While the Hodad pays more lip service to the Danelectro tradition, the ’64 riffs on a different theme. That’s not to say it doesn’t feel and sound great – it does. However, it doesn’t feel especially like a Danelectro. Realistically, the bridge pickup is the only signature Dano feature.

Using the coil split means that the bridge pickup can deliver a huge range of different voices – and the single-coil tone is the most definitively Danelectro. You can switch very effectively between single-coil and humbucking modes for rhythm and lead parts, too. However, there is an ergonomic issue; unless you use an angled jack plug, the bar of the Bigsby rests over the tone knob, making it hard to engage the coil split.

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Played clean, the humbucking mode has something of a midrange hump that feels a little boxy. However, this translates into exceptional lead tones when driven hard because these forward mids are where you find singing tones and a lot of the pick-edge articulation. The neck single coil has a character all of its own: very open and more toppy than a P-90, but not exactly Strat-ish either.

It’s warm, but chimes nicely and is great for pop, country and jazz. It’s better at bluesy midrange break-up than it is at high-gain hard rock, but that’s to be expected; you can combine it with both bridge pickup settings, so there’s bags of flexibility and some signature sounds to be had.

Key features
59M SP PW BU_HiRES
Danelectro ’59M Spruce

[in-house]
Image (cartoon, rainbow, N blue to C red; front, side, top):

• Price £579 (no case)
• Description Electric guitar, made in Korea
Build Spruce top and rims, Masonite back, bolt-on maple neck with 21-fret rosewood fingerboard; aluminium nut
• Hardware Danelectro adjustable bridge, individual, vintage-style machineheads
Electrics 2x Lipstick single-coil pickups, individual stacked tone and volume controls, 3-way pickup selector
• Scale length 25”/635mm
• Neck width 42.3mm at nut, 53.8mm at 12th fret
• Neck depth 20.2mm at first fret, 22.2mm at 12th fret
• String spacing 35mm at nut, 52mm at bridge
• Weight 5lbs/2.27kg
• Left-handers No
• Finishes Dark Aqua, Vintage White, Indigo, Orange Metallic, 3-Tone Sunburst and Red Metallic
Contact John Hornby Skewes Ltd 01132 865 381
Screen Shot 2016-06-13 at 10.05.32

64 M 3TS_HiRES
Danelectro ’64
• Price £999 (no case)
• Description Electric guitar, made in Korea
• Build Solid 2-piece body, bolt-on maple neck with 22-fret (inc zero fret) rosewood fingerboard; aluminium nut
• Hardware Licenced Bigsby vibrato tailpiece with roller saddle tune-o-matic-style bridge, vintage-style individual machineheads
• Electrics Dual humbucking Lipstick pickup (bridge) operating in single coil or humbucker mode, master volume and tone control (with push/pull coil split), Danelectro single coil (neck), 3-way pickup selector
• Scale length 25”/635mm
Neck width 43mm at nut, 53mm at 12th fret
• Neck depth 20.5mm at first fret, 22.3mm at 12th fret
• String spacing 35mm at nut, 52mm at bridge
• Weight 7lbs/3.17kg
• Left-handers No
• Finishes Dark Aqua, Vintage White, Indigo, Orange Metallic, 3-Tone Sunburst and Red Metallic
Screen Shot 2016-06-13 at 10.05.39